Friday, July 26, 2013

The Song of the Sirens

The poet Homer is of course famous for his two epics The Iliad and The Odyssey. The first recounts the events of the Trojan War, and the second tells of the ten year-long voyage home from that war of its hero, the brave Odysseus (Ulysses). But Homer was no simple teller of tales, however stirring to our imagination these tales can be. Beneath the surface of these stories we can discover deeper truths which have resonated over the span of millennia, and which we even can find reflected in the first two books of the Old Testament.

On this deeper level, The Iliad – and Genesis – relates the spirit’s awakening awareness of its primal condition, and its expulsion from that condition into a world of turmoil. The Odyssey – and Exodus – tells of the spirit’s ‘long journey home’, its seeking for a promised land (which really is its former state) after its sojourn on earth. These connections need not surprise us, when we remember that the mythical figure of Homer – and the equally mythical figure of Moses – had their connections to the ancient mystery schools: Homer, naturally enough, to those of Ancient Greece, and Moses to those of Ancient Egypt.

One of the best-known episodes from Homer’s Odyssey is the hero’s encounter with the sirens. Ships whose course brought them close to the sirens’ island suffered a terrible fate, for the singing of the sirens in their meadow was so alluring that those sailors who heard it immediately fell under such a spell that they lost their wits, jumping overboard in their frenzied efforts to reach the sirens, and wanting to hear only their song, which made them forget their intended destination, and even their own identity.

But cunning Odysseus, whose scheming wits had carried him through other hazardous encounters, employed a plan suggested to him by the sorceress Circe in his previous adventure. As his ship neared the sirens, he had his men stop their ears with bees' wax. Then he instructed them to bind him securely to the ship’s mast, with orders that under no circumstances were they to loosen his bonds. The ruse worked. His crew, hearing nothing, rowed safely on as the sirens' singing filled the air around them. Odysseus, under the spell of the sirens’ song, implored his crew to release him even as he struggled to break free. But the ropes held, and Odysseus became the only voyager to hear the song of the sirens and live to tell of its magic.

Almost three thousand years later, this story still has its hold upon our imagination, perhaps because we recognise, and so can relate to, the hazard of the sirens’ singing. The world – and our own lives – has its sirens. They might not take the form of beautiful and seductive women, but they weave a powerful spell all the same. We all have our sirens to resist, whether they come in the form of desirable material possessions, or as stories which (perhaps against our better judgement) we choose to believe are true, or as dreams which we chase after, or even as the distractions of social networking.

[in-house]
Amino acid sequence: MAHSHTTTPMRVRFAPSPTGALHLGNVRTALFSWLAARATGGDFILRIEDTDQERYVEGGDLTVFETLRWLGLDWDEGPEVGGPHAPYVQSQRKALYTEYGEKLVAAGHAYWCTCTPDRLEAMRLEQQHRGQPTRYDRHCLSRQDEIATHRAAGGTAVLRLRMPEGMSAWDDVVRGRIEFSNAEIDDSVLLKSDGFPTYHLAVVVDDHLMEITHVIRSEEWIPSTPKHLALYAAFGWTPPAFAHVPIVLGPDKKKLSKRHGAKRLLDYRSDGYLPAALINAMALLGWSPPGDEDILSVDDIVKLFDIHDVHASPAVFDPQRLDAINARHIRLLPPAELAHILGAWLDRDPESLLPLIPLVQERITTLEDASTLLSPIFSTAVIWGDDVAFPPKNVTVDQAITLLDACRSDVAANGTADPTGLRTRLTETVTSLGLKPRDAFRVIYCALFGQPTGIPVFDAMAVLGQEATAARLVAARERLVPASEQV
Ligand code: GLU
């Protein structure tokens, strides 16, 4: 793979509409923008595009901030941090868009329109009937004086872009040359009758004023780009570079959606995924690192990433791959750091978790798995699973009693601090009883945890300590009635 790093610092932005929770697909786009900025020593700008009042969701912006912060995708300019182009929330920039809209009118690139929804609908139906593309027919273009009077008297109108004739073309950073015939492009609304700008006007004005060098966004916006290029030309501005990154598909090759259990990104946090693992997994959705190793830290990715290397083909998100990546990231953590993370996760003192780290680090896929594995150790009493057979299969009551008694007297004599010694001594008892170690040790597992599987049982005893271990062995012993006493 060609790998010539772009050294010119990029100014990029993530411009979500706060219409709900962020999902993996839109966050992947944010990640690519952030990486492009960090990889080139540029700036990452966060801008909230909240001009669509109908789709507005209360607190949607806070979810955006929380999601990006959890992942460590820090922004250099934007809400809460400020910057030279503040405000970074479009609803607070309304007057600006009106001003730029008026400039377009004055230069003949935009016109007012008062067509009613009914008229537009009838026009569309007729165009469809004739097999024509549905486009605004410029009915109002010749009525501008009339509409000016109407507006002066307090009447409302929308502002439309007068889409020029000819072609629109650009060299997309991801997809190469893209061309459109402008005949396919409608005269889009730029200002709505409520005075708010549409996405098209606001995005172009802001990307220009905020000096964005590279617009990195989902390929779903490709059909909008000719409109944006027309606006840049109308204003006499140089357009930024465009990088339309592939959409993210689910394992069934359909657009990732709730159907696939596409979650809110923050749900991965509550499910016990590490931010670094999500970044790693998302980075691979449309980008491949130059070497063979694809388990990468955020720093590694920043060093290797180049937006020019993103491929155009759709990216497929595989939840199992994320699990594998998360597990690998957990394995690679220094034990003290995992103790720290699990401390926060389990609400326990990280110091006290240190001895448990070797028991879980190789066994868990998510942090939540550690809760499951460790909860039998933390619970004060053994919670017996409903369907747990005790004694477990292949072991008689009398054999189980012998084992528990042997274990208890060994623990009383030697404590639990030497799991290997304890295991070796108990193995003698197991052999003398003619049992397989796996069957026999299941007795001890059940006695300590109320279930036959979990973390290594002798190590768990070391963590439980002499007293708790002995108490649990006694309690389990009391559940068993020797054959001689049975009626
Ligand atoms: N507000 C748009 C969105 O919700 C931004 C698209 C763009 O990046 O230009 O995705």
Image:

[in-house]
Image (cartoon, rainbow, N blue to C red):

Our deeper selves know instinctively that if we are to remember our true destination, our true identity, then these are things which have to be navigated past.  Because the sirens are still singing, and their song can sound like the most alluring sound we have heard, or like a short tweet! 

Painting by Herbert James Draper


  1. Good points to remember. Thanks
    I read the Odyssey when I was a child, and it had a profound effect on me.

  2. Thank you, Jeronimus. The Odyssey still makes an impact on me in my adult life, so I can easily see how it would have had such an impact on you when you were still a boy. My husband tells me the same story. He was so under the spell of the Odyssey in his early teens that he even painted his own illustrated version! Homer is a master storyteller indeed!

  3. I admit that I was also drawn to the Odyssey as a boy. The Odyssey is an outrageous and wild adventure that fired my imagination and held my rapt attention! Here Emma offers her insightful comments on comparing the Sirens' call to our obsessive and sometimes addictive wants and desires that seems to place a spell on us. This spell is something that can imprison us rather than liberate us. We become lost - only wanting to satisfy our hunger, completely identified with the belief that we must heed the Siren's call. Emma offers her wonderful wisdom to us, "Our deeper selves know instinctively that if we are to remember our true destination, our true identity, then these are things which have to be navigated past."

  4. Joseph, how nice to know that you as well were familiar with the Odyssey in your younger days! Yourself, Jeronimus and David (and many others) are testimony to the power of the story - and also to the way in which it can be read as a grand adventure, without the need to go deeper into the underlying significance of the various incidents which take place on the hero's long voyage home. I know that this is true of many writings, of course. So many of the texts which stand the test of time do so because these undercurrents tug at our soul, even as we are taking in the surface adventures.